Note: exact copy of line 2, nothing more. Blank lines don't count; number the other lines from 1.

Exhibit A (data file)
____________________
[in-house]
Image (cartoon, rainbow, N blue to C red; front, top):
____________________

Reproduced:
Image (cartoon, rainbow, N blue to C red; front, top):